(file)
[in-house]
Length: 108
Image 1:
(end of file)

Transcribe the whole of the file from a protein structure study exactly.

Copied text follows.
[in-house]
Length: 108
Image 1: